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Social Security Benefits Get Smaller Increase for 2024

Social Security beneficiaries are set to see their monthly benefits go up by 3.2% in 2024, the SSA announced Oct. 12.

By Moira Ritter, The Charlotte Observer (TNS)

Social Security beneficiaries are set to see their monthly benefits increase by 3.2% in 2024, the Social Security Administration (SSA) announced Oct. 12.

The 2024 cost-of-living adjustment, or COLA, will add about $57.30 more per month for beneficiaries receiving the average benefit of $1,790, according to The Senior Citizens League.

Although the changes take effect in December, beneficiaries won’t see the COLA increase applied until their first Social Security checks of the new year, the SSA says.

The adjustment announcement follows September’s Consumer Price Index Report, which determined that prices climbed 3.7% in the 12-month period that ended in September and 0.4% between August and September. The CPI was also announced Thursday.

This adjustment is significantly lower than the 8.7% COLA for 2023, which was the highest increase in 40 years, but experts said beneficiaries shouldn’t be concerned about the lower change.

Here’s what to know about the 2024 COLA adjustment.

How is the COLA determined?

Social Security benefits are adjusted annually to account for inflation.

“The change means that inflation no longer drains value from Social Security benefits,” according to the administration.

The SSA uses the previous year’s Consumer Price Index for Urban Wage Earners and Clerical Workers in July, August and September to determine the coming year’s COLA. So for example, 2024’s COLA was determined using the past three months’ inflation rates.

The rates are averaged, then they are compared to the same average from the previous year. The difference between the two averages is the amount of the COLA.

“It’s sort of an after the fact compensation for price inflation that has already occurred,” Chuck Blahous, senior research strategist at the Mercatus Center at George Mason University, told McClatchy News. “There is about a year and a quarter delay in between when beneficiaries experience the price inflation and when they are basically compensated for it.”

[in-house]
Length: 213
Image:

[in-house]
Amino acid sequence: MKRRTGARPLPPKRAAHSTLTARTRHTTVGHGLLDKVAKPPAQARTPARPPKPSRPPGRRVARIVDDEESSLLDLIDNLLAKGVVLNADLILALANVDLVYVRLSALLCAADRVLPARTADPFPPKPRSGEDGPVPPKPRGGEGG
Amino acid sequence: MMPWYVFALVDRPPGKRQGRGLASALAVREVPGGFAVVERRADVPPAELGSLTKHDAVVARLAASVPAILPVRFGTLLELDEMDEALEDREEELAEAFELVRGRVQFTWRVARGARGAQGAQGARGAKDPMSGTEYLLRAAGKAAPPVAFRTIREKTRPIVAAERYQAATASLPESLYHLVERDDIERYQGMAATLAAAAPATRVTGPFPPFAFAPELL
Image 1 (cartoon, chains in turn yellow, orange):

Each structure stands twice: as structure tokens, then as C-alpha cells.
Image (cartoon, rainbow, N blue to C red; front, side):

Why is the 2024 COLA smaller than previous years?

In December 2021, the Social Security Administration enacted a 5.9% COLA for 2022, which at the time was the biggest adjustment since 1982. Inflation quickly outpaced this adjustment though, and in December 2022, the administration implemented an even higher COLA.

Ideally, the COLA will be close to the same as annual inflation.

The last two adjustments have been out of sync with inflation, according to Alicia Munnell, director of the Center for Retirement Research at Boston College. The 2022 COLA was too small and the 2023 COLA was too big.

“In 2021, inflation shot up to 7.8%, yet the COLA for 2022 was only 5.9%. And that’s because it was looking backwards,” Munnell told McClatchy News. “Then, inflation came down in 2022 to 6.3%, and yet we got a really high COLA because we were looking back on those high inflation months or quarters.”

This year’s adjustment of 3.2% is near the current annual inflation rate, which means benefits will maintain their value as prices fluctuate.

“The following year’s COLA doesn’t fully compensate always for the inflation in the previous year when inflation is rising, but it overcompensates in the following year when inflation has sort of stabilized and is coming down,” Munnell said. “Over the whole inflationary cycle, it comes out just right.”

A lower COLA isn’t a bad thing, experts say

The 2024 adjustment isn’t a surprise—experts have been predicting an approximately 3.2% COLA. The 2024 COLA is also higher than the average cost-of-living adjustment over the last 20 years, which was 2.6%, according to The Senior Citizens League.

A smaller adjustment isn’t a bad thing, according to experts.

“Big COLA means that there was a lot of price inflation, and you’re getting compensated for a year and a quarter after the fact,” according to Blahous. “But in the meantime, you’ve suffered a lot. So a smaller COLA means there has been less disruption in terms of price inflation, and so that’s actually relatively good news.”

More than anything, this year’s COLA is an accurate adjustment, reflecting easing inflation in the economy post-pandemic and ensuring consumers’ purchasing power.

“It is an accurate thing where the COLA reflects the increase in inflation for that year” Maya MacGuineas, the Committee for a Responsible Federal Budget’s president, told McClatchy News. “The benefit bump up that (beneficiaries are) getting is going to allow them to maintain the same purchasing power so it’s not going to make them better off or worse off.”


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